From thought-provoking speakers at AIME’s signature Knowledge Exchange programme to uncovering the latest and hottest in Australasia, seven things stood out for us at the trade show this year.
An in-person connection was what everyone within the business events industry looked forward to after two years of virtual meetings. As the nation’s first international trade show to be hosted in Melbourne since Australian international borders reopened, the energy and excitement at the Asia Pacific Incentives and Meetings Event (AIME) show floor were palpable. Being able to connect and collaborate face-to-face is not only inspiring but brings business and innovation forward while helping to build/rebuild the community.
Fueling the business event’s industry revival for Asia Pacific, AIME 2022 brought together more than 2,000 attendees including international and local buyers, to access 225 exhibitors and 342 hosted buyers from around the world. Over the three days (21-23 March 2022), participants learnt, connected and uncovered new products and services. Here are our seven key takeaways from the event.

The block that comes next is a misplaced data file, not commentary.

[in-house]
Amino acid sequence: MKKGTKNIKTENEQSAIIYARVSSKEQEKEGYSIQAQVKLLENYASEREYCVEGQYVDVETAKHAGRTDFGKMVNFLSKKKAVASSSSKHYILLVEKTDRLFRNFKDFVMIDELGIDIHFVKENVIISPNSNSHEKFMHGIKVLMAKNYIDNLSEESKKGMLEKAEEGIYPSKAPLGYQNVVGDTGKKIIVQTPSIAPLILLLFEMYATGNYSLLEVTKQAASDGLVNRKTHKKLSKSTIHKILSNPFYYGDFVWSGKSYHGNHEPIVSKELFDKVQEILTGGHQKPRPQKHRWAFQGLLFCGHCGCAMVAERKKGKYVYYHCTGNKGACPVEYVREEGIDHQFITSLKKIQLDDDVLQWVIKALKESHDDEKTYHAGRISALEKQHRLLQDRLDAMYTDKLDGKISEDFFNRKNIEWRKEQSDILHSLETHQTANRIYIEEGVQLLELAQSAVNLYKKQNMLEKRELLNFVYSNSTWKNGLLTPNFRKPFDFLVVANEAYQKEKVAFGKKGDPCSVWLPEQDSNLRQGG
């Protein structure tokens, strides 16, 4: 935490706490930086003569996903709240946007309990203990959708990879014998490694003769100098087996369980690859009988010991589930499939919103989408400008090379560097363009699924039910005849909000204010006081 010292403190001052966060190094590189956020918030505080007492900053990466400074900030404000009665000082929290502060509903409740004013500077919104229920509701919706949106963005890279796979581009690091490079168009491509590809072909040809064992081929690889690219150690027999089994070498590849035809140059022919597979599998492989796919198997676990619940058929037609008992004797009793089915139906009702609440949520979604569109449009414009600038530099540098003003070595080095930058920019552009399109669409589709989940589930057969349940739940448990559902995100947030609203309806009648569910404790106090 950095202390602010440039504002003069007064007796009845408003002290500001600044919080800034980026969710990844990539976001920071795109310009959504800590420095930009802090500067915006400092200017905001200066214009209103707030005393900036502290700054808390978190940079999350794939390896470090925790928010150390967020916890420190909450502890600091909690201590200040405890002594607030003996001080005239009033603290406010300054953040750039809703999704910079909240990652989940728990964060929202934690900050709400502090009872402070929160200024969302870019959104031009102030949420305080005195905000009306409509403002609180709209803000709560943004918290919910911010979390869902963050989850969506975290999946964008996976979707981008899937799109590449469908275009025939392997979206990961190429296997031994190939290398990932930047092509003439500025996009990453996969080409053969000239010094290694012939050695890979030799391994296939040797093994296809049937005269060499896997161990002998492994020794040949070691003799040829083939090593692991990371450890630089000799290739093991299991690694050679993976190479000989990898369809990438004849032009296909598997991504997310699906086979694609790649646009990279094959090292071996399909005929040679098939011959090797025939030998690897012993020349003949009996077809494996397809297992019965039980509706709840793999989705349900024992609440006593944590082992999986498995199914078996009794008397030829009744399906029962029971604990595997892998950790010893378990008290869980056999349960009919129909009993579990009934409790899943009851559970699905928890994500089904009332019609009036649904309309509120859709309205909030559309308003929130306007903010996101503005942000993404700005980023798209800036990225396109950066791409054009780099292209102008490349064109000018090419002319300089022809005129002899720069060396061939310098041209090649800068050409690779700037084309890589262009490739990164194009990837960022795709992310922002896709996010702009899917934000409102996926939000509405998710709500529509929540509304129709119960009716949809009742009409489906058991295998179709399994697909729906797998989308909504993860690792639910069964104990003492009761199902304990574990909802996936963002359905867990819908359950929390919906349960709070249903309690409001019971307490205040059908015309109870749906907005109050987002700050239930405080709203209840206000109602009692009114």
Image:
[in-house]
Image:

1. Inspiration comes from all around; motivation comes from within.
AIME 2022 kicked off with its popular Knowledge Program, exploring new ideas from innovators within and outside the industry. Australia’s leading futurist, tech entrepreneur and growth hacker, Steve Sammartino, delivered a high-octane opening keynote on how to lead and succeed while embracing the uncertainty of the pandemic. He shared, “The past 23 months have led to dramatic shifts in the way organisations operate. In a climate of constant disruptions, effective leaders have to embrace and thrive within uncertainty, possessing the foresight to transform their organisation to capitalise on new business growth.”